The business: Bellvale Farms
Date founded: 1818
Number of generations: 6
Number of family members working together: 5
Owners: Al Buckbee, wife Judy Buckbee, son Al “Skip” Buckbee, daughter Amy Noteboom, son-in-law Tim Noteboom
What it does: In 1818, the Wisner family started a dairy farm to provide milk, eggs, vegetables, and fruits for themselves, but, as was typical of the times, they also sold to others when they had excess inventory, says Amy Noteboom, who represents one of the six generations of the family business. Amy’s father, Al Buckbee, worked on the farm growing up, went to agriculture school at Kansas State University, then segued to the insurance business in New York while working on the farm on the side. Once he retired in 1992, he returned to the farm full-time, working more hours than he did in corporate America, says Amy. She also grew up on the farm, along with her brother Al “Skip” Buckbee, and today they work together along with their dad and Amy’s husband, Tim.
But they knew that having so many families in the business required them to expand their options. “We had to either add more cows or go retail,” she says. They decided to go the retail route and opened Bellvale Farms Creamery in Warwick 12 years ago.” We had first started selling fruits and vegetables to see if we liked retail, and that was successful, but we stopped that to open the Creamery,” Amy explains.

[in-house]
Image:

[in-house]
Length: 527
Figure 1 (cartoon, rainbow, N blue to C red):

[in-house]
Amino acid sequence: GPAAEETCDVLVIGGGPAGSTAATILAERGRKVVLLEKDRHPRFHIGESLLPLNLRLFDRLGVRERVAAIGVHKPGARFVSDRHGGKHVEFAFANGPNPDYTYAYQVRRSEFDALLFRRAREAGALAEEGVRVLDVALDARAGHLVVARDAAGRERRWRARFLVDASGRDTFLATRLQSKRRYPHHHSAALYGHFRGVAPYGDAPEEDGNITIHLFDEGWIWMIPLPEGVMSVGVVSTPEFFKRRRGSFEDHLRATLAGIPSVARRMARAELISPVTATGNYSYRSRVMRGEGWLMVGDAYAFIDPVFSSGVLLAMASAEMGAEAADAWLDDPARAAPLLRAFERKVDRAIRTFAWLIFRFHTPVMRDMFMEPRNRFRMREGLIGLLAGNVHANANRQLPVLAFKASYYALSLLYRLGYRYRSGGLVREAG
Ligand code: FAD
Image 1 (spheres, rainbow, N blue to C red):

On any given day between April and October, they sell 20 flavors, which they rotate. They also knew to divide responsibilities to get along. Tim manages the dairy, Amy and her husband the Creamery, and their father is involved in day-to-day needs. “Anything that needs to be done, he does,” Amy says. She echoes a sentiment many others in family businesses do. “I love it,” she says. “It’s been a good place to raise our kids, who are now 14 and 16.” But she’s not pushing them to join the business. “If they want to, that’s great, but they should work elsewhere first like we did. And they’ll need to figure out, too, how to change the business for it to survive. I’m sure my grandfather wouldn’t have been able to imagine us selling ice cream.”